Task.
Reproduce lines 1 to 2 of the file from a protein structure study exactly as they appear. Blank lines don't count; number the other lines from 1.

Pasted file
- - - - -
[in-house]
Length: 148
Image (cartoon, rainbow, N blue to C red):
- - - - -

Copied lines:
[in-house]
Length: 148